Getting into the sea is no trouble, but getting out of it needs timing and care: the first time we did this, my daughter staggered up the beach, threw herself on the sand like Robinson Crusoe and shouted at the top of her voice. "I've been killed! I've been killed!". Half an hour later she had been coaxed back into the water but was shouting just as loudly that she did not want to come out and could swim for ever. Two days after that, she was deliberately jumping in the biggest waves she could find and shouting "I'm invincible!" Five waves later, she was soggily vincible, knocked head over heels and rolled round and round. But this time she was able to pick herself up and crawl out alone before resuming the game with the surf.

Like any real paradise, it would get excruciatingly boring for the adults. There is little to do on the island except drive around and swim. In the port of Grand Bourg, there are cafés down by the harbour where every bad white haircut of the past 20 years can be seen circling in an eddy of slow time.

You can catch a whiff of Somerset Maugham here, of boredom that thickens the air like heat. But most of the island is full of dignity, energy and a sense that people are getting on with their work. In the interior of the island, the only organised tourism is based around the rum distilleries. Coachloads rattle to the Bielle distillery, down roads built more for the ox-carts that still deliver some of the cane than buses. But even here, the hustling is low key: a few stalls selling biscuits and coconut toffee.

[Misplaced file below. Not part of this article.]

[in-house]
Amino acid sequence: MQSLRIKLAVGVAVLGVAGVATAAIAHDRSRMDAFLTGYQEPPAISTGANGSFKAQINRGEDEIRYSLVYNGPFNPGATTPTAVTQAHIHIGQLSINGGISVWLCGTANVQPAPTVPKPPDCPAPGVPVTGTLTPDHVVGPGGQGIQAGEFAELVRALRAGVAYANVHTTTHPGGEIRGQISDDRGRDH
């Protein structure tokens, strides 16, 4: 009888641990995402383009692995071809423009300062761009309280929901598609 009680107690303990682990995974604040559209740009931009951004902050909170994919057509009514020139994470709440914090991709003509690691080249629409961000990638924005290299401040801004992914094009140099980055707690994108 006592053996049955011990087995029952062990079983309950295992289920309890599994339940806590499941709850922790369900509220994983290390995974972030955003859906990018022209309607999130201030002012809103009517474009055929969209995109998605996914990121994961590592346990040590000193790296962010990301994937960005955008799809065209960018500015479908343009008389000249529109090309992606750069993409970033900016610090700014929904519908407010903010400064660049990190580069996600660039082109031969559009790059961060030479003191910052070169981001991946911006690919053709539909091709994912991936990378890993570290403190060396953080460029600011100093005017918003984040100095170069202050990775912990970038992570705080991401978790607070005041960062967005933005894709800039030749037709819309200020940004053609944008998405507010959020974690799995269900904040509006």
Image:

The white rum of the islands is savage stuff: cheap and throat-ripping. A litre of 60 per cent (or about 140 proof) rum costs less than £4. Mixed with half the quantity of cane syrup and a generous squeeze of lime juice it makes a "ti punch". But they also make older, smoother brown rums, which are full of subtle flavours.

The roads are metalled and well-maintained; the traffic is far less hectic than on Guadeloupe - at one stage we were held up by a race of 50 or more cyclists, all wearing helmets in the steaming heat. Later, our journey was broken by what seemed like a cloud of hunched red leaves being blown slowly across the road, which made a crunchy popping sound when I drove through them. I turned back for a closer look. It turned out to be a torrent of migrating land crabs, with red shells and glistening bulbous black eyes, hurrying across the road as if it were no-man's-land, high-stepping past the flattened yellowy carcasses splattered across their path. The next day every trace of the massacre had been scavenged away.

Between the beaches, most of the coastline is eroded to a brutally sharp-edged lacework of foamy brown limestone on which the spray breaks endlessly. At two places the central plateau rises straight from the ocean in spectacular cliffs but the inner plateau of the island is extraordinarily gentle, rising in marshy low-lying land rather than hills through the endless plantations of sugar cane. It is not forgiving stuff. All the farmers wear wellington boots to protect their feet and carry machetes everywhere, even when riding mopeds.

But there are no snakes on the island: they have all been exterminated by the mongooses. In the mornings I would sometimes see a rat running along the branches of the coconut grove outside our hotel window, but even they seemed orderly and bourgeois, scurrying about their lawful business before the sun made life impossible.